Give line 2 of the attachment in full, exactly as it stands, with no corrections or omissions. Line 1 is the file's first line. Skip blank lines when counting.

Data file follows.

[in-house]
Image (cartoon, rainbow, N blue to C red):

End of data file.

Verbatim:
Image (cartoon, rainbow, N blue to C red):